Knitting and crocheting enthusiasts will once again be able to browse and purchase hand-crafted materials Jan. 25, when the Creekside Yarn Festival returns to the Town and Country Centre (T&C) for its second year.
“It’s just so fun,” said yarn-dyer Shelley Dupont, who co-hosts the festival with her mother and fellow yarn-dyer Penny Heptonstall. “It’s just amazing and you’ll be blown away by a yarn festival.”
Dupont and Heptonstall organized the inaugural festival in January 2019 and were surprised by its success. According to Dupont, the event exceeded her expectations.
“We had quite a big turnout,” she said. “First of all, we sold out the big hall of vendors, and we had a waiting list of vendors that wanted in. We didn’t even know we would get that kind of response.”
Additionally, more than 400 people trickled through the yarn festival throughout the day, Dupont said, with many vendors selling out of their stock early on. She noted she would have been happy if 100 people passed through.
Dupont attributes that success to a resurgence in crocheting and knitting, suggesting many people who had set down their needles to other responsibilities have recently picked them up again.
In anticipation of the same attendance, Dupont said, additional vendors will be on hand this year – beside the main hall, organizers have also booked a smaller room at the T&C. Still, the 2019 iteration of the festival sold out of vendor spots within the first day. Thirty-five vendors will be on-hand at the event, selling hand-dyed yarn, project bags and wool that can be spun into yarn.
An area for attendees to sit, knit and socialize has also been expanded, Dupont added.
“People like to come, and they stayed and visited all day,” she said. “We wanted to make sure there was enough space for them to come and stay and hang out and get to know the vendors and each other.”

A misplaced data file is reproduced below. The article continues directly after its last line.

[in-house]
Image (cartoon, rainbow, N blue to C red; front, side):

Admission costs $5, and snacks and beverages will be available to all attendees. The event runs from 10 a.m. to 4 p.m.
According to Dupont, the mother-daughter team wanted to create an event that catered to local makers. Several similar markets occur throughout the province and in the region, and Dupont said they wanted to bring one to Airdrie.
Speaking from experience, she added, many people might not be familiar with the broad range of hand-crafted materials available to yarn-enthusiasts.
“We went to a few festivals first, ourselves, before we started dyeing, and we were just blown away by the options that are out there,” Dupont said. “It’s different than any other yarn that you could find at Michael’s or Walmart or any big-box store. We just had to be a part of it.”
The festival gives all levels of knitters and crocheters, whether beginners or veteran, the chance to talk to the people behind the materials they’re buying, and gain greater insight into the products, Dupont said, while also supporting small, local vendors.
“I think it’s important to support your community and support your local makers, and just see what’s out there that’s local to us – the sheep and the mill and everything else, it could be in your backyard and you just don’t know it,” she said.